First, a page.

It looks like you're using Internet Explorer 11 or older. This website works best with modern browsers such as the latest versions of Chrome, Firefox, Safari, and Edge. If you continue with this browser, you may see unexpected results.
In the following essay, Martínez Falquina analyzes the breakdown of traditional borders in Erdrich’s work, using as examples the depiction of specific characters in the novels Love Medicine and The Bingo Palace (1994). Martínez Falquina examines how these novels employ a “trickster discourse” to dismantle the opposition between “tradition and assimilation, traditional past and colonized future, and … indian and white identity.”
Presents an interview with author Louise Erdrich. When asked about the teachers of her childhood, Erdrich comments on having the Franciscan Sisters as teachers. She comments on various aspects of her family, including her Ojibwe heritage, her Catholic upbringing, and the literary influence of her father's letters. Erdrich also answers questions about symbolism in several of her works including the books "The Antelope Wife," "The Plague of Doves" and "Shadow Tag."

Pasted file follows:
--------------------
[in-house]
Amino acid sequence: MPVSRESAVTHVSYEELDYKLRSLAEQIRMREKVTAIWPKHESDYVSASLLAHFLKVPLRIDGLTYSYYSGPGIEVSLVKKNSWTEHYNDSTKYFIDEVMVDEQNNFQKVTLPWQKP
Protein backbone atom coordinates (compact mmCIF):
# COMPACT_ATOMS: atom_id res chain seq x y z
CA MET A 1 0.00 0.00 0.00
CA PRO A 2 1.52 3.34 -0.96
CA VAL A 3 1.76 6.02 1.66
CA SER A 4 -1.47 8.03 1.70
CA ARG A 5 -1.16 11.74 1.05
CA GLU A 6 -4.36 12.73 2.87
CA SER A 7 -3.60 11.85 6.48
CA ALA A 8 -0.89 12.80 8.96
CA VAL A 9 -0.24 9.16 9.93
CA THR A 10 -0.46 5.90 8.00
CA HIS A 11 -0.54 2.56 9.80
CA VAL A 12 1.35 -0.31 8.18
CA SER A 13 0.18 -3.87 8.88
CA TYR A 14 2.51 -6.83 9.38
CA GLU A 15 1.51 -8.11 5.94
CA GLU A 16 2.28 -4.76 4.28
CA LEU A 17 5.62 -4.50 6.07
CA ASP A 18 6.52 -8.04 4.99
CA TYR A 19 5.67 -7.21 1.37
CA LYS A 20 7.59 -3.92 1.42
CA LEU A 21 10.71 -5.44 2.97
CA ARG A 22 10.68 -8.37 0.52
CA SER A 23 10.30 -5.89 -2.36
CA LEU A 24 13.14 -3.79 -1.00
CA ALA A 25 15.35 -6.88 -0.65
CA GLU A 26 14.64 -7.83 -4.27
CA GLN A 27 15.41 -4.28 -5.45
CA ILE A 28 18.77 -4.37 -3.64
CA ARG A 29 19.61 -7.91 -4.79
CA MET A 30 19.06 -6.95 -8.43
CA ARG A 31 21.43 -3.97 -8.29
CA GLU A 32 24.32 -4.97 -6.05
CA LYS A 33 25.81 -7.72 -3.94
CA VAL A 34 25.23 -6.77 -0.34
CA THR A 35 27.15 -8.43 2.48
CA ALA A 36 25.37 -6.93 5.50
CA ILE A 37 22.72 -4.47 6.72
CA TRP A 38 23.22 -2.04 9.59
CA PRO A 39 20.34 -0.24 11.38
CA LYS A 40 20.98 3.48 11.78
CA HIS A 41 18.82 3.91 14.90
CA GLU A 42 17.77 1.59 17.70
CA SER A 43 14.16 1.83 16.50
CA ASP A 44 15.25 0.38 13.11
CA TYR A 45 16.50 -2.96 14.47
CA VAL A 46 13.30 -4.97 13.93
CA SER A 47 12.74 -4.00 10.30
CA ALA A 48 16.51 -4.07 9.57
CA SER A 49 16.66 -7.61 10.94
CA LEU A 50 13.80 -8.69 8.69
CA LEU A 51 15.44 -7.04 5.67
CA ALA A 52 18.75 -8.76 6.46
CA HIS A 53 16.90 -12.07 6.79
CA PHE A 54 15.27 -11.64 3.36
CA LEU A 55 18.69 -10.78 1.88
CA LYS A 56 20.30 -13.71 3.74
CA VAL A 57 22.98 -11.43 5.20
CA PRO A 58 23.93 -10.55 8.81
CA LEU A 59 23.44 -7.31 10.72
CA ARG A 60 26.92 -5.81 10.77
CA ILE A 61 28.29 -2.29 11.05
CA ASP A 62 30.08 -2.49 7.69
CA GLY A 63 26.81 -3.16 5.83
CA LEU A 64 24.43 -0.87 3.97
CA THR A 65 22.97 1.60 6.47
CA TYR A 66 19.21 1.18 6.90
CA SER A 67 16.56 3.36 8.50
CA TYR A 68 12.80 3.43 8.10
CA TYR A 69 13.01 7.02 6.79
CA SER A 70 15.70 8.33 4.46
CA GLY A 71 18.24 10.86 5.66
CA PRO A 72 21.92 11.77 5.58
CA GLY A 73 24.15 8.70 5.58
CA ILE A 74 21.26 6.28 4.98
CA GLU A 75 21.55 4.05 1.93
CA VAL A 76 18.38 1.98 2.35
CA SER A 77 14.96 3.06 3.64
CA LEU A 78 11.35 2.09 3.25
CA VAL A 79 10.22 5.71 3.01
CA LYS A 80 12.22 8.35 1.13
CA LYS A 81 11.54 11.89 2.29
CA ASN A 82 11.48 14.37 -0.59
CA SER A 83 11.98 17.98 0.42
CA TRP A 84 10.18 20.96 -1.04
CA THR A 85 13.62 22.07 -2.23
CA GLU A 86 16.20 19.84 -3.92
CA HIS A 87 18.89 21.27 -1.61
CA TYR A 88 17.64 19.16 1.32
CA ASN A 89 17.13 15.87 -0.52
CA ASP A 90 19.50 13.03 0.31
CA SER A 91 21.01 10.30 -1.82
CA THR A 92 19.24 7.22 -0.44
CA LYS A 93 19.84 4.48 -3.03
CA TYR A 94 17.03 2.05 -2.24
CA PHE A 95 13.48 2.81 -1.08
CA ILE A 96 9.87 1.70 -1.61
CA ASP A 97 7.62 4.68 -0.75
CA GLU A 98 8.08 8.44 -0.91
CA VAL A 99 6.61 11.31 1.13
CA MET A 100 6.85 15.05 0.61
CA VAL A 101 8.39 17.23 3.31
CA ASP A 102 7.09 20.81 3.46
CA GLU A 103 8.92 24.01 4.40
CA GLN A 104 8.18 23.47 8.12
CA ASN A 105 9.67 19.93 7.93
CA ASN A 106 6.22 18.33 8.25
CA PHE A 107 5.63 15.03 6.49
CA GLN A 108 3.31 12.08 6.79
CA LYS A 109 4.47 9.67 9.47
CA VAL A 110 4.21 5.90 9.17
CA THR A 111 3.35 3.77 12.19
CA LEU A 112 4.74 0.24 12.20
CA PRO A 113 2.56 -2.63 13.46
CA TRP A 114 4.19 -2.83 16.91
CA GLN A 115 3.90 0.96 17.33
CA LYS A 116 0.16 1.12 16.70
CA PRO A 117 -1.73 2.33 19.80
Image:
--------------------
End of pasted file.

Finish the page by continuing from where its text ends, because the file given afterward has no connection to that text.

Find Books, eBooks, Articles, DVDs, and Streaming Videos
Looking for more Tips and Tricks of what you can do? Check our Primo Guide.
Google Scholar Search
We suggest using the recommended databases first, but Google Scholar can offer additional sources.
General Search Tips
Start your search in Primo, then look in subject specific databases for more specific results.
Boolean Search terms: AND gives you only results with both of your search terms, OR gives you results with either one of your search terms (but not necessarily both of them), NOT excludes results with that search term.
Start general, and refine to a specific search. If you have a general idea of what you would like to focus on, search a broad term, and then refine as you discover what is available.
Look at the subject terms and keywords that the articles you find are using. If they seem relevant, you may wish to incorporate them into your search terms.
If your results are too broad, add additional search terms to refine your search.
Searching for a specific phrase? Place it in quotation marks to search for those exact works in that order. For example: “To be or not to be” will find that specific phrase, rather than each word individually.
Need to find a word or phrase in an article PDF, an e-book, or on a webpage? Use CTRL and F to open a search box that will search the text within a document.